Stuttering in Children
Stuttering is a fluency disorder that affects the ‘smoothness’ of speech. When the flow of speech is interrupted, it is due to the repetition of sounds, syllables, words, phrases, prolongations or ‘blocks’, which may impact the rhythm of speech production. Sometimes, secondary behaviours are associated with stuttering which include sound or word avoidances, facial grimaces and head movements.
The exact cause of stuttering is still unknown despite ongoing research; however, there is evidence to suggest that certain genetic and neurophysiological factors contribute to stuttering. The onset of stuttering can vary from sudden to gradual, with severity ranging from mild, moderate to severe.
Stuttering can affect communication for children of all ages, however there is a higher incidence rate in 3-4-year-old children (Reilly et al., 2009) and also in boys (Yairi & Ambrose, 1999). Depending on several factors, it may be recommended to monitor your child’s stutter for 6 months prior to starting therapy to allow for spontaneous recovery. However, if there is family history of stuttering or if your child is getting upset or frustrated, then therapy may be started sooner than that. Some children may show signs of frustration or embarrassment about their stuttering, and this may affect their ability to socialise and engage with their peers or speak in front of the class during presentations.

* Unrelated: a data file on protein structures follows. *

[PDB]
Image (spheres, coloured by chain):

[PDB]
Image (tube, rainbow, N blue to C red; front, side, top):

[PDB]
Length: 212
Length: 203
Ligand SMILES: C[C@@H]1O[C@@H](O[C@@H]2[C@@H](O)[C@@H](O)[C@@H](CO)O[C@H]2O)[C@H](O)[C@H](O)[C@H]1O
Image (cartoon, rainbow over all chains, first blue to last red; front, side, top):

Treatment for stuttering is highly individualised however, the Lidcombe Program (ages 2-6 years and 7-12) and the Camperdown Program (ages 13+ adolescence and adults), are two Evidence Based Practice (EBP) intervention programmes that a Speech Therapist may use for stuttering treatment. Several of the Speech Therapists at Dynamics are trained in both the Lidcombe Program and the Camperdown Program, so please get in contact to schedule an assessment and therapy if you have any concerns.
Below are a few tips when communicating with your child or someone who stutters:
- Remember that hesitations and repetitions are often a normal part of speech and language development
- Be patient and give your child enough time to complete what he or she is trying to say
- Don’t finish sentences for your child
- Don’t tell them to take a breath or slow down
- Don’t interrupt when your child stutters
There are a range of stuttering resources available online however, it is important to consult with your Speech and Language Therapist, in regards to your child’s fluency presentation.
American Speech-Language-Hearing Association. (1993). Definitions of communication disorders and variations [Relevant Paper]. Retrieved from www.asha.org/policy/
Ambrose, N. G., & Yairi, E. (1999). Normative disfluency data for early childhood stuttering. Journal of Speech, Language, and Hearing Research, 42(4), 895-909.
Mansson, H. (2000). Childhood stuttering: Incidence and development. Journal of Fluency Disorders, 25, 47-57
Reilly, S., Onslow, M., Packman, A., Wake, M., Bavin, E., Prior, M., … Ukoumunne, O. C. (2009). Predicting stuttering onset by age 3: A prospective, community cohort study. Pediatrics, 123, 270-277.
Yairi, E., & Ambrose, N. G. (1999). Early childhood stuttering I: Persistency and recovery rates. Journal of Speech, Language, and Hearing Research, 42(5), 1097-1112.